During a debate for the leadership of the UK's Conservative Party, Kemi Badenoch, who was the only online free speech candidate, vowed to stop the police from recording “non-crime hate incidents” – many of which have been recorded based on people's tweets and other social media posts.
Badenoch's bid to become leader ended today.
According to the Tory leader hopeful, the police should focus on things “the public really cares about.”
Badenoch said that police forces in England and Wales record tens of thousands of non-crime hate incidents annually. She vowed to take “whatever steps are necessary” to stop the “onerous burden” of “policing of people's hurt feelings.”
In January 2019, former police officer Harry Miller got a visit from the Humberside Police after someone complained about him posting “transphobic” tweets. The complaint was recorded as a non-crime hate incident.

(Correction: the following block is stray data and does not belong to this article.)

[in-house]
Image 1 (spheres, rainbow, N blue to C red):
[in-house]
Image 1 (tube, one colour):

Miller legally challenged the record and the guidance on non-crime hate incidents provided by the College of Policing. In February 2020, a High Court Judge ruled that the Humberside Police recording of the incident was a “disproportionate interference” with freedom of speech. Last December, the Court of Appeal further ruled that the College of Policing's guidance violated Miller's freedom of expression.
“The public rightly expect the police to deal with criminals, not to intervene in Twitter spats. My Government will ensure police resources are always focused on fighting crime on our streets,” Badenoch said during the debate.
Badenoch further noted that while the College of Policing has revised its guidance, it has not stopped the recording of non-crime hate incidents.